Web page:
“Please,” Xena said, moving back to her position next to Gabrielle, moving her body a little farther back so she could look into the playwright’s eyes. “Call me Xena?”

Gabrielle’s mouths fell open. She nodded, and like Xena, her body seemed to ease itself. She was pressing foreheads with Xena now, the air so constricted around her that she gasped once their skin met.

“Xena,” Gabrielle said. She looked down to where her hands were weaved with Xena’s, resting on a fold of fabric on Xena’s thigh.

“Your play,” Xena said, her voice a whisper. “Do you believe in it?”

Gabrielle turned her head a bit.

“It speaks of undying love, even after death, in other realms and planes,” Xena continued, and with every word, their bodies, both moving without intent at all, came closer and closer. “Do you believe in that?” Xena pulled her face back, gasping when Gabrielle’s lips touched her cheek.

“If you do,” Xena continued, and a stunned Gabrielle thanked her for her continued speech, for otherwise, she feared, they’d be swallowed whole by silence and by whatever else that was happening to them, drawing their minds and bodies to each other in an unstoppable force. “If you do,” Xena repeated, “then you’ve felt it. Right?” Xena asked, her question all passion and hope. “Then you have a love like that,” Xena spoke suddenly, moving her torso and head away from Gabrielle’s. “You must.”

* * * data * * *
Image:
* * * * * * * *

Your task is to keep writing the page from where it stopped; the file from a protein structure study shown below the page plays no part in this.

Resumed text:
Xena’s look was so intense it almost hurt Gabrielle. She managed to shake her head.

“No,” she whispered.

Xena’s eyes widened, and Gabrielle inhaled sharply, her shaky hand rising to rest on Xena’s face, her mind resounding with just the beauty of Xena’s eyes.

“You must have done,” Xena whispered passionately, her voice weak but full of conviction. “No one can make up something like that.”

Gabrielle chuckled for a moment, and her breath tickled Xena’s skin. She turned her eyes to Gabrielle again.

“I guess one can,” Gabrielle whispered, “and has.”

Xena hung her head again, touching Gabrielle’s cheek with her own, her shoulder with her own. Their fingers were interlocked, arms tangled together, thighs touching beneath the barrier of their dresses. They were both equally confused.

“You imagined it?” Xena asked. She didn’t move. Gabrielle looked up, squeezing Xena’s hand to keep it in place, to keep herself in place.